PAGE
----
The Favorite Palaces of Queen Elizabeth II
The favorite palaces and official residences of Queen Elizabeth II will continue to be an icon of the class, style, and elegance that are synonymous with the British monarchy.
To celebrate her life, we want to pay tribute to Queen Elizabeth II by telling you a little more about her favorite palaces. We’ll take a look at the different decorative styles of the places she called home for over 96 years.
What were the favorite palaces of Queen Elizabeth II?
On the 8th of September 2022 and at the age of 96, Queen Elizabeth II passed away at Balmoral Castle, with her two children, Prince Charles (now King Charles III) and Princess Anne by her side.
The longest-serving monarch in the history of the world, she was on the throne for over 70 years. During this time her style became a hallmark of preserving tradition. The palaces are likened to museums, filled with unique relics, original artifacts, and high-value objects.
Next, we’re going to describe the decorative aspects that made these palaces and official residences, Lilibeth’s favorites.
1. Buckingham Palace
Buckingham Palace was the official residence of Queen Elizabeth II. Located in London, it was there that she entertained the world’s most famous and prestigious political leaders. Over the years, thousands of galas and official receptions were held in this iconic palace. But arguably, the main focus is the balcony, because from here, the royal family greets the crowds of public well-wishers and spectators.
The palace has 775 rooms, 188 service bedrooms, 92 offices, 78 bathrooms, 52 royal suites, and 19 rooms dedicated to state affairs. Among all of these spaces, the Queen’s favorite room is 1844, where she received her most special guests.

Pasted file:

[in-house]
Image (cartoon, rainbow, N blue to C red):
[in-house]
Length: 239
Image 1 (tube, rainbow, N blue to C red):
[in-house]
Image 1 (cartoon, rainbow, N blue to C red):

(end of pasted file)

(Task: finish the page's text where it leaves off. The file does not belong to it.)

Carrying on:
Now one of the most iconic rooms here is the throne room. Decorated in red, a traditional shade of royalty, this room will remain in the memories of the whole world. This neoclassical palace was redecorated in the 20th century in a belle époque style characterized by golden elements with fireplaces and warm rugs.
2. Windsor Castle
At 54,835 square meters, Windsor Castle is the oldest and largest inhabited palace in the world. Queen Elizabeth II spent most of her weekends and vacations there. Bearing in mind that it’s close to London, this location allowed her to attend to her affairs.
The Queen also received high-profile guests and official visits to this incredible castle. Its rooms are huge with white walls and mustard-colored trim. In the main room, there are several old photographs and paintings and in the background, a fireplace and a mirror stand out for their vintage style.
In another of the rooms, the neoclassical style reigns, with portraits of kings and the historical figures of Great Britain. Its walls and ceilings are covered with coats of arms from Great Britain, alongside the independent states of the Commonwealth.
3. Balmoral Castle: the official summer residence of Queen Elizabeth II
Situated on 50,000 hectares of land, Balmoral Castle was the Queen’s official summer residence. The last resting place before she died, Balmoral Castle was the monarch’s favorite place. In fact, just two days before she died, it was here that she welcomed the new British Prime Minister, Elizabeth Truss.
The meeting took place in the Royal Drawing Room, which has an imposing and beautiful fireplace. Above it, hangs a mirror that projects the light that enters through a large window with green curtains.
Furthermore, the royal residence has a neoclassical prevailing style with seven bedrooms, and a large library complete with a British print sofa.
4. Sandringham House
Sandringham House was also one of the Queen’s favorite homes. Moreover, it was here where she celebrated Christmas with her family each year, 112 miles from London.
This residence stands out for its closeness to nature, surrounded by trees and gardens. Equally, it has about 10,000 hectares of land and has important connotations for the entire royal family. Interestingly, it was acquired by King Edward VII in 1862 and has stood as the legacy of his successors.
Undoubtedly, Queen Elizabeth II and her decorative style will be a legacy that’ll continue to live on in her memory.It might interest you...